Solo Voice: Duets

Duets evolved from a series of experiments undertaken in the Keele Electronic Music Studio, partly in response to my encounter with Tim Souster, much of whose work involved both improvisation and live electronics. A prime source for the composition was the work with extended vocal techniques that I had done at UCSD, but the interpenetration of this with technology resulted directly from the invaluable tutelage I received from Tim and from Cliff Bradbury, the studio technician. 

I probably began working with the equipment in November or December 1977, once I was settled at Keele. By February 1978 I had begun to sketch out alternative configurations, and these formed themselves into the set of ideas that became Duets sometime in March. As the concert date (March 16) approached, I finalized the concepts and the various settings; I recall some very long hours in Moberly Hall, after the equipment had been moved from the studio, during which I had to recalibrate much of the work to function in the new environment. For similar reasons—and lack of time—the London performance that followed a week later was, I recall, much less successful. The actual notation of the score—that is, the written descriptions—probably followed the March performances. The score has been issued by Frog Peak, and a recording (four tracks) of the first performance is available on SoundCloud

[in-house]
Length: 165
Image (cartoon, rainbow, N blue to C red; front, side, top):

I expected the two 1978 performances to be the only ones, given the transience of technology; but in 1988, when Chris Brown invited me for a residency at Mills College and asked what pieces of mine might be performed, I suggested Duets, along with Medley. I suggested the latter because Chris is such an amazing pianist; and I suggested the former because of the venerable Mills studios, which I thought might have the antiquated equipment needed. The latter turned out to be only partly correct; the other equipment, nearly identical with the first performance, was assembled by Chris in a series of marathon travels up and down California. I had originally expected to perform the piece myself, but it became evident that rehearsal time would be insufficient for that. As a result, I suggested that Ed Harkins be invited, so that I could manipulate the technology offstage. Ed did a wonderful job, in part by favoring the movements that relied most intensely on his own vocal techniques and avoiding those that relied on careful calibration of the technology. 

I doubt the piece could be performed with today’s equipment, which is not only too reliable but also too precise. But I might be surprised; certainly, in theory, one could design a digital interface that would successfully mimic the eccentricities of 1970s pitch followers and synthesizers. Whether that’s worth doing is very much an open question. 

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